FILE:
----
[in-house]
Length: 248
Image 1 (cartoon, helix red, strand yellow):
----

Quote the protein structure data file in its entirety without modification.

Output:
[in-house]
Length: 248
Image 1 (cartoon, helix red, strand yellow):